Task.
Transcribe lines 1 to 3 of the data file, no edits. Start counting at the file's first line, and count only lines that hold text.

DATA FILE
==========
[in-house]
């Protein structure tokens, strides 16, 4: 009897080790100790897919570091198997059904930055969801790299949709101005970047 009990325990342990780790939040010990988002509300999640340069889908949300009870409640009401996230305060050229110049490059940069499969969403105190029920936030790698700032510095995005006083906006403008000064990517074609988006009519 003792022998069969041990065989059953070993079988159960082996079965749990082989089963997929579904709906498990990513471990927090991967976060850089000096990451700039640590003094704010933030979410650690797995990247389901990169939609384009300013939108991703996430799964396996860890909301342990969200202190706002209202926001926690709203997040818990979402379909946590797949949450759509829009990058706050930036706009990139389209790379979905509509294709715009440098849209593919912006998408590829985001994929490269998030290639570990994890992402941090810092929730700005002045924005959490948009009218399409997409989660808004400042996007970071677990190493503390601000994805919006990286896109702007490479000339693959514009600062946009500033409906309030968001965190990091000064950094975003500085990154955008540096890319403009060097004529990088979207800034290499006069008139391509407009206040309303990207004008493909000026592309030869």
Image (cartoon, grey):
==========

[in-house]
């Protein structure tokens, strides 16, 4: 009897080790100790897919570091198997059904930055969801790299949709101005970047 009990325990342990780790939040010990988002509300999640340069889908949300009870409640009401996230305060050229110049490059940069499969969403105190029920936030790698700032510095995005006083906006403008000064990517074609988006009519 003792022998069969041990065989059953070993079988159960082996079965749990082989089963997929579904709906498990990513471990927090991967976060850089000096990451700039640590003094704010933030979410650690797995990247389901990169939609384009300013939108991703996430799964396996860890909301342990969200202190706002209202926001926690709203997040818990979402379909946590797949949450759509829009990058706050930036706009990139389209790379979905509509294709715009440098849209593919912006998408590829985001994929490269998030290639570990994890992402941090810092929730700005002045924005959490948009009218399409997409989660808004400042996007970071677990190493503390601000994805919006990286896109702007490479000339693959514009600062946009500033409906309030968001965190990091000064950094975003500085990154955008540096890319403009060097004529990088979207800034290499006069008139391509407009206040309303990207004008493909000026592309030869």
Image (cartoon, grey):